Land

Land   Reference library

An Oxford Companion to the Romantic Age

Reference type:
Subject Reference
Current Version:
2009
Subject:
History, modern history (1700 to 1945), Literature
Length:
4,951 words
Publisher:
Oxford University Press

...of improvement.’ And beyond the borders of the islands of Britain, the colonial production of commodities significantly affected the lives of agricultural workers. The example of the consumption and production of sugar epitomizes an economy which constructs a global economic ecology. The sugar produced by slave and indentured labour in the British-controlled colonies of the West Indies became a part of the staple diet of the English labouring class, who were now attracted to the stimulants of tea and coffee with sugar, in part to compensate for nutritional...

Poverty

Poverty   Reference library

An Oxford Companion to the Romantic Age

Reference type:
Subject Reference
Current Version:
2009
Subject:
History, modern history (1700 to 1945), Literature
Length:
6,179 words
Publisher:
Oxford University Press

...The Captain Swing rioters of 1830–1 , who broke the threshing machines which threatened winter employment, are credited with finally tipping opinion towards poor law reform [ see *riots ]. Manufacturing districts and areas of rapid population growth had their own distinctive ecology of disturbance and violence. Machine-breaking erupted periodically in the north and south-west of England as an attempt to protect the existing organization of the textile industry [ see *Luddism ]. Riots reflected complex political and economic relationships embedded in local...

Forging an Identity: The Emergence of Ancient Israel

Forging an Identity: The Emergence of Ancient Israel   Reference library

Lawrence E. Stager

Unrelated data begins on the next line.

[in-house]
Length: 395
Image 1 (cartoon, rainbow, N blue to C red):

Oxford History of the Biblical World

Reference type:
Subject Reference
Current Version:
2022
Subject:
Religion
Length:
19,872 words
Publisher:
Oxford University Press
Illustration(s):
4

...due more to culture than to ecology. The Mycenaeans and later Greeks valued swine and preferred pork in their diet, a preference brought by the Philistines to Canaan in the twelfth century. It is probably then, the biblical period of “the judges,” that the Israelites developed their taboo against pork consumption, in part to differentiate themselves from their Philistine neighbors; circumcision was another such distinctive cultural marker. Urban Imposition ...

Kinship and Kingship: The Early Monarchy

Kinship and Kingship: The Early Monarchy   Reference library

Carol Meyers

Oxford History of the Biblical World

Reference type:
Subject Reference
Current Version:
2022
Subject:
Religion
Length:
20,793 words
Publisher:
Oxford University Press
Illustration(s):
3

...state. The urban architecture of Iron IIA was distinctive, as were the cities themselves. The preceding Iron I period saw deurbanization throughout Palestine. The rise of a state system in the tenth century bce coincided with an urban revival within the boundaries of the Israelite national territory. Most of the new urban centers were built on the sites of the old Bronze Age cities, although a few represent the continuation of Iron I village sites. The Iron II cities in some ways continue the Bronze Age urban traditions in their layout and...

Liberation Theology: Latin America

Liberation Theology: Latin America   Reference library

M. Daniel Carroll R.

The Oxford Illustrated History of the Bible

Reference type:
Subject Reference
Current Version:
2022
Subject:
Religion
Length:
4,826 words
Publisher:
Oxford University Press
Illustration(s):
10